In simulation, for example, we work here with many students, and we see that when you present a case that seems to directly lead to a specific diagnosis, they close the perspective to other possibilities. When you make them face uncertainty or just open their perspective to other diagnostic possibilities, they are much more thorough in terms of history taking and questioning the patient, and in their steps to reach the diagnosis. They are much more systematic, ask more questions, explore more, raise the possibility of diagnostic tests, or come up with questions about the outcome of these diagnostic tests when they do not match the hypothesis. I believe that introducing students to questioning the fact that an investigation of symptoms does not lead to a single diagnostic possibility is always a rich contribution.

What are the strengths of the Practicum Universities?

It is a method that is guaranteed by the continuing professional development cycle. Students expect to be presented with a case to be approached in different ways; the objective is for them to understand that the case may have different responses, and the probability of the range of responses may not be 100%. The tool has the power of broadening perspectives and leading to the understanding that medicine is a probabilistic science.

Do you have long-term expectations?

First, let’s see what happens. Once the results of the pilot [study] are evaluated, we will see how to incorporate [this tool]. If the tool demonstrates what it seems to be capable of doing, the advantage is that we can incorporate it as an additional instrument that students can use even from home. This is a very important advantage: that the student may be working from home while studying the subjects that correspond to the possible diagnoses of the case.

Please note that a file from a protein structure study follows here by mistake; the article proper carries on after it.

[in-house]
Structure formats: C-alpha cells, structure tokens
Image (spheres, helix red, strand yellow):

The course has just begun, would you modify any aspect of the medical curriculum?

At the school’s administration level, we have been working on modifying and adapting the curriculum to the new teaching/learning modalities. The incorporation of innovative teaching methodologies is on the agenda. We will resort to this tool if we find it useful. It encompasses one possibility within others.

The way of teaching medicine must change because the profile of our patients and of students starting medical school is changing along with the health care system. With the perspective of the emergence of new health care models and new technologies to treat patients, change is inevitable. However, there are issues to be preserved, like patients’ follow-up, communication, professional values, ethics, or human aspects. These are all “pearls” that we don’t want to lose. However, it is true that, although we have different activities, like integrated simulation scenarios or work with clinical cases, clinical reasoning is not properly contemplated.

How can we not change when, for example, intelligent electronic medical records suggesting diagnostic possibilities are incorporated? We must consider a multitude of factors. Young individuals are not all the same, and neither is the access and ease with which they use many innovations. Not to mention current information technologies. All social networks, the use of the internet, the internet for patients… All these things bring new challenges. Youngsters of today are not like those of 20 years ago, who watched a master class and then went on to study from books.